I just had my central air unit recharged with refrigerant and a leak
was found in a very accessible area, on the discharge tube.
The repairman said he would fix the leak for $450.
He said it would take some time because the refrigerant had to be
pumped into the condenser before he could fix the leak and then the
system would have to be restarted.
Does $450 sound reasonable?
Starting with the misinformation about 'pumping the refrigerant into
the condenser' and the rather high price for a couple hours work, you
ought to contact another AC firm for a quote on the job. IIRC,
refrigerant is pumped into a recycling machine, repairs made, tests
conducted, and then system refill and adjusting. Of course, my
experience is in automotive, so I could be wrong.
On home systems you can use the compressor to capture most of the
refrigerant. You close the high side, trip the contactor, and watch
the guages. You will hear the compressor start to load down as the
suction pressure starts to drop. If the lines are fairly short you
can get just about all the refrigerant back into the outside unit.
Close the suction side and release the contactor. If you have some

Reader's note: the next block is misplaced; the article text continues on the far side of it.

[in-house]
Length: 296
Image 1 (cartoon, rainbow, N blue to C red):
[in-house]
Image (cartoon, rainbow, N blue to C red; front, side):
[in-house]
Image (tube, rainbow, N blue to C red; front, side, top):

residual pressure outside the unit that will need to be recovered.
Difficult to estimate this because there s not enough info to kow if
the leak can be fixed by simply brazing the existing system or if
something will need to be replaced. If it's done properly the tech
will purge with nitrogen and keep a slow flow going wihile brazing.
Then the rest of the system need to be vacuumed for a while. It would
be easy to spend several hours on this doing it completely by the book
so the estimate may be a little high but it's not extreme. I'd guess
you migh get down into the 200's maybe with some more estimates. Some
guys will skip the nitrogen part. Some guys might want to add a
filter/desicator or relace the existing one if there is one. That
could easily get you back into the $400 range.
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